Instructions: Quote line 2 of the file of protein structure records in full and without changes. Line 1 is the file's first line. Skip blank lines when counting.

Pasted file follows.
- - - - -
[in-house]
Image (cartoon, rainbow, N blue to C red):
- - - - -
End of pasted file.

Image (cartoon, rainbow, N blue to C red):